“As Jan was stepping off the bow, the stern was taking on all the water and starting to curl under. So 2 seconds later and he probably wouldn’t have been able to get off,” Kayla Breeden described to KDLG news the last moments of her family’s Bristol Bay salmon gillnetter F/V Kristi.

A husband and wife team, Jan Medhaug and Breeden, were fishing the flood tide with deckhand Kyle Brojakowski in Nushagak Bay off Clarks Point on Friday, July 13. Shortly after midnight, the 32-foot aluminum boat lost power.

While Medhaug and Brojakowski tried to restore power, Bredeen hung a protective buoy off the stern. She made note of the 400-foot cargo ship Sohoh and the 330-foot processing boat Gordon Jensen about 15 feet apart and “three football fields away,” she reported, or about 1,000 feet. The Kristi was reportedly drifting at about 5 knots, or about 500 feet per minute.

Shortly after Breeden dropped the buoy over the stern, the Kristi struck the processor and became lodged between the big ships, “pushed up against their Yokohama fender that was between the two of them,” Medhaug told KDLG. “We started to violently smash between the two vessels.”

The Gordon Jensen crew responded to a radio call from Medhaug and lifted Breeden in a basket. When she was safely aboard the processor, she asked the crew if that was as scary as it had seemed to her.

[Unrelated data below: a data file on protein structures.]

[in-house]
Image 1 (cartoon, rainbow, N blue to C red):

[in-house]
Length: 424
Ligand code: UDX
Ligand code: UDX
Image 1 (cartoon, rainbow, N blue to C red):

“They were looking at me like I was a ghost almost,” Breeden said.

Medhaug and Brojakowski remained on the Kristi for about another 20 minutes, hoping to get her situated to get through the tide so they could get her away from the fender at slack tide and out of the steel ship alleyway.

But Breeden could see from the deck of the processor that water was building up in the stern picking area. The two men escaped onto the fender with one last screech of twisting metal just before the gillnetter flipped bow over stern and sank in a flash. They came aboard the Gordon Jensen in the same rescue basket.

Medhaug has been fishing in Bristol Bay for 25 years, 17 of those on the Kristi. The Seattle-based couple had planned to retire the ship at the end of the summer. They hope to be back next summer with a new boat.

The U.S. Coast Guard is investigating the incident and working with Medhaug on a salvage plan. Neither of the other vessels has reported any damage.

“I think we can all learn from what did happen,” Breeden said, “and thank God for all the other fishermen out there that help each other and the way it is here in Alaska and on the river.”

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Jessica Hathaway is the former editor in chief of National Fisherman.

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